Monday, March 19, 2018
Professor Demleitner publishes op-ed in Richmond Times-Dispatch
Washington and Lee law professor Nora V. Demleitner published an op-ed piece in the Richmond Times-Dispatch. The piece, titled “Let’s celebrate family migration – and quit calling it ‘chain’ migration” appeared on March 2, 2018. Read the op-ed online here.
Monday, March 12, 2018
Professor Kish Parella Presents at the BYU Winter Deals Conference
On Thursday, March 1, 2018 Professor Kish Parella presented her work in progress, Public Relations Litigation, at the BYU Winter Deals Conference that “brings leading scholars and practitioners to Park City, UT to discuss the modern global economy’s most pressing legal issues.” Professor Parella presented on a panel exploring issues in corporate governance. An abstract of … Continue reading Professor Kish Parella Presents at the BYU Winter Deals Conference
Wednesday, February 07, 2018
Professor Russell Miller to be featured at Virginia Festival of the Book
Washington and Lee law professor Russell Miller will speak at this year’s Virginia Festival of the Book. He will participate in a panel titled Surveillance vs. Privacy: NSA, DARPA, and More which features his book Privacy and Power: A Transatlantic Dialogue in the Shadow of the NSA-Affair. The panel will take place on Friday, March 23, 2018. … Continue reading Professor Russell Miller to be featured at Virginia Festival of the Book
Tuesday, January 30, 2018
Professor Rendleman Leading Remedies Scholar in Digital Commons Network
Washington and Lee Law Professor Doug Rendleman is a leading scholar in the area of Remedies in the Digital Commons Network. Of the 1,155 authors in this disciple, Professor Rendleman’s work receives some of the highest downloads. To date, his work has been downloaded 15,841 times. Some of Professor Rendleman’s most recent works include: … Continue reading Professor Rendleman Leading Remedies Scholar in Digital Commons Network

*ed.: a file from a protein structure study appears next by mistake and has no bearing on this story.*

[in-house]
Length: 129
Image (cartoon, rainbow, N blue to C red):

Thursday, January 18, 2018
Christopher Seaman Publishes New Work in BTLJ
Washington and Lee law professor Christopher Seaman has published a new work in the Berkeley Technology Law Journal. The article is titled “Toward a Federal Jurisprudence of Trade Secret Law” and was written with co-author Sharon K. Sandeen of Mitchell Hamline Law School. The article appears in volume 32 of the journal. The full text is available … Continue reading Christopher Seaman Publishes New Work in BTLJ
January 29 - Judith Resnick et al.
Brief for Amici Curiae Constitutional Law, Federal Courts, Citizen, and Remedies Scholars in Support of Respondent: Lynch v. Morales-Santana
January 22 - Margaret Hu
Orwell's 1984 and a Fourth Amendment Cybersurveillance Nonintrusion Test
This Article describes a cybersurveillance nonintrusion test under the Fourth Amendment that is grounded in evolving customary law to replace the reasonable expectation of privacy test formulated in Katz v. United States. To illustrate how customary law norms are shaping modern Fourth Amendment jurisprudence, this Article examines the recurrence of judicial references to George Orwell’s novel, 1984, within the Fourth Amendment context when federal courts have assessed the constitutionality of modern surveillance methods. The Supreme Court has indicated that the Fourth Amendment privacy doctrine must now evolve to impose meaningful limitations on the intrusiveness of new surveillance technologies.